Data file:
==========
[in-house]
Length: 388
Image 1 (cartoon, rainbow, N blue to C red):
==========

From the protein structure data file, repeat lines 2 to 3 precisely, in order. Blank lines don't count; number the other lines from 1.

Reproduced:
Length: 388
Image 1 (cartoon, rainbow, N blue to C red):